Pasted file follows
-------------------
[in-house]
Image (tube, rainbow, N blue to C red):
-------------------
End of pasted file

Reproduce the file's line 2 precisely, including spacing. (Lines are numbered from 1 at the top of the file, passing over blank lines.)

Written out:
Image (tube, rainbow, N blue to C red):